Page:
Una Bella Figura

Una Bella Figura!  When you hear that and think of all things Italian  – is Sophia Loren the first thing that comes to your mind or Gina Lollobridgida?  Boy did I date myself with those references.  Italian fashion, furniture design and architecture are known the world over for their beauty and grace.  But is the phrase Bella Figura really just – hey that’s pretty?

My good pal Diana went to a New York University – ‘One Day University’ and attended a program presented by Prof. Joseph Luzzi from Bard College on Italian culture, past and present. I googled him and his headshot is gorgeous. Diana said he was a great presenter. That says to me he not only talked about Una Bella Figura but sure as hell represents it.

Today, Diana and I chatted about the premise and Dr. Luzzi’s explanations. It made me think that you all should get into the conversation too. Just what is una bella figura?  It simply means “beautiful figure” but it goes way beyond that. When one ha una bella figura one is concerned about making a good impression.  Sure dressing well, having a great haircut and walking like the world is your runway is part of it. But the concept goes far beyond that.  It is showing the world that your life is wonderful whether it is or not.  You know, I really believe, that when I think my life is wonderful it is – I mean who wants to think their life is crap?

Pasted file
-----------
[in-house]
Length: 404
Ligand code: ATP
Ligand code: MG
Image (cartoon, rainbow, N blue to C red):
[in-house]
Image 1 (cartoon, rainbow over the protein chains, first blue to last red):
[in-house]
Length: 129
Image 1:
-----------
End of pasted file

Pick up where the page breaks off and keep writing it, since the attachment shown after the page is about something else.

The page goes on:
My Grandparents were peasant farmers but managed to have a charcoal portrait done. I grew up seeing this and didn’t know how poor they really had been until I started asking questions about Italy.  Bella figura!

The conversation with Diana also made me think of my dad.  “Johnny G” as he liked to call himself could and would talk to anyone.  Even if he was having a bad month, he would still pick up the tab in a restaurant.  He made sure his clothes were cleaned and pressed.  Poppo wanted to present a good impression – albeit his way – to the women of the world and the world at large.  He never complained in public – unless he was ridiculing a Republican.  When he died I found a file full of copies of parking tickets and traffic violations in other people’s names.  Folks thought that he was incredibly powerful.  He could even “fix” their traffic tickets.  Johnny G smiled and pocketed the tickets.  “No problems.”  He did fix them.  He paid the fines.  Now he aveva una bella figura!